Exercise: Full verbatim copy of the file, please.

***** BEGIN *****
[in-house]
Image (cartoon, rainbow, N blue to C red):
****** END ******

[in-house]
Image (cartoon, rainbow, N blue to C red):